Source: --"Tools and Weaponry of the Frontiersman and Indian" by Ray Louis

    I stand corrected.
    "A person is not finished when they are defeated.
    A person is finished when they quit."

  15. #15
    Tracker Beo's Avatar
    Join Date
    Oct 2007
    Location
    Cincinnati, Ohio (Dunlap's Station)
    Posts
    4,008
    Blog Entries
    57

    Default

    That was greaat GW, I have a Native American link that says the same thing.
    There is no greater solitude than that of the Tracker in the forest, unless perhaps it's that of the wolf in the wilderness.

  16. #16
    missing in action trax's Avatar
    Join Date
    Jul 2007
    Location
    yonder
    Posts
    6,809

    Default

    Quote Originally Posted by Gray Wolf View Post
    A tomahawk and an axe are different, so is an axe part of this scenario?
    English--axe= Cree--cikahikan
    English--tomahawk=Cree--cikahikanis (literally, small axe) Cree's the only native language I speak and I'm still learning. It is related to Algonquin mind you, nevertheless, I don't believe either the cikahikan nor the cikahikanis are used for splitting hairs.
    some fella confronted me the other day and asked "What's your problem?" So I told him, "I don't have a problem I am a problem"

  17. #17
    Senior Member Ole WV Coot's Avatar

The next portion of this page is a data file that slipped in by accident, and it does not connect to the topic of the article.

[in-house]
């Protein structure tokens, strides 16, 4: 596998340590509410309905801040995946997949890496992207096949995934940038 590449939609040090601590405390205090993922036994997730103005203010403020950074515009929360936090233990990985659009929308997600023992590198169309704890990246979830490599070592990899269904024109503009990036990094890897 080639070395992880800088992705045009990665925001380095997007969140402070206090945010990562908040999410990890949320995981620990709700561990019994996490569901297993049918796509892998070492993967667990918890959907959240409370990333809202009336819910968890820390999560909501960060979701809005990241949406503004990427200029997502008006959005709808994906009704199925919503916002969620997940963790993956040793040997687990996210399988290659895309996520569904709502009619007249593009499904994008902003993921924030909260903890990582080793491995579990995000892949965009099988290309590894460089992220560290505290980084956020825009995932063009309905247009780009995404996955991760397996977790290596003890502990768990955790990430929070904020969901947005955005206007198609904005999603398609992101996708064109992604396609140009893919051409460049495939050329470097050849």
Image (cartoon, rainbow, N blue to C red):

Join Date
    Nov 2007
    Location
    Southern WV , raised in Eastern KY up a holler
    Posts
    2,668

    Default

    A hawk can be thrown with great accuracy. When this part of the country was settled not many knives were available to youngsters and not much else to do except learn to throw a hawk. Old books on the Eastern KY area mention boys throwing hawks on their way to bring in the cows and for entertainment and show off for the girls on Sunday. Men carried a hawk and two knives in this area thru the Civil War. A hawk & knife were used in conjunction with each other, hawk to disarm, knife to kill. My great grandpa passed a lot along, didn't die until he was 93 and had a clear mind then. He was never wounded but AWOL some.
    Don't pick a fight with an old man. If he's too old
    to fight... he'll just kill you.

  18. #18
    "sorry backside" rebel's Avatar
    Join Date
    Jan 2008
    Posts
    4,905
    Blog Entries
    1

    Default

    I have a machete on my BOB. However, the tomahawk is cool and I was hoping for a good enough reason to switch. I guess it's better to find out here than out there when you need it. Thanks to all for their input.

  19. #19
    Super Moderator crashdive123's Avatar
    Join Date
    Jan 2008
    Location
    North Florida
    Posts
    42,939
    Blog Entries
    1

    Default

    Why not carry both and have the best of both worlds?
    Can't Means Won't

    My Youtube Channel

  20. #20
    "sorry backside" rebel's Avatar
    Join Date
    Jan 2008
    Posts
    4,905
    Blog Entries
    1

    Default

    For weight the machete will suffice.

Bookmarks

Posting Permissions

  • You may not post new threads
  • You may not post replies
  • You may not post attachments
  • You may not edit your posts
  •